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    Some great tips, I feel VERY lucky my kids never have been through a fussy stage, although there are things they won’t eat my son roast potatoes, go figure, my daughter – mushrooms.

  • Avatar

    Sonya Cisco

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    My two and a half year old has just hit the same phase, as did his older siblings before him. I find that he has days where he eats loads, and days where he eats far less, so I try to look at his diet over the week. If it helps, my big two went back to being try anything good eaters once they hit about 6!

    • Avatar

      healthiermummy

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      Two and a half year olds can be troublesome, eh? And thank you for telling me about your older two, that does help. Only a few years to wait then!

  • Avatar

    Liska @NewMumOnline

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    Wow this SO makes sense, as Aaron doesn’t like “moles” in his food and will pick them out. His inner caveman is clearly scared of getting poisoned. This is so very informative thank you.
    Liska xx

    • Avatar

      healthiermummy

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      ‘Moles’? That’s so interesting! My son hasn’t given them a name, he just turns it all down. Sigh.

  • Avatar

    Foz

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    My daughter was (and still is) very fussy. It is only now, at 7 years old, that she seems more willing to try different foods.

    Great tips, thanks for sharing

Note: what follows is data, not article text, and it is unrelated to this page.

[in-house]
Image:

• Avatar

    Emily (@amummytoo)

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    Good tips. I wrote a similar post a while back and some nutritionists contributed. The overwhelming advice was don’t get stressed about it, just eat as a family and lead by example. Things have improved loads so I guess it worked!

    • Avatar

      healthiermummy

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      I’m so glad it’s got better for you. Looking forward to seeing some improvements here.

  • Avatar

    Michelle

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    Really good tips here. My boy was a fussy eater as a child. He went from enjoying lots of things, to not wanting to eat them. I tore my hair out as a young mum…but he’s 15 now and a strapping lad! He can still be a bit fussy about trying new things, even now, but he can sometimes surprise us all – his favourite on holiday is lobster of all things!

    • Avatar

      healthiermummy

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      Lobster! I’m looking forward to when I see that. Good to hear there’s light at the end of the tunnel.

  • Avatar

    Life With ASD and Me

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    some fab tips! We learnt early on with my eldest being fussy.
    Learnt from our mistakes and now I have a 3 yr old who will eat anything

    • Avatar

      healthiermummy

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      Well done, you. Although my eldest will eat anything and we treated my little boy in exactly the same way, so think neophobia can strike anyway

  • Avatar

    Mel W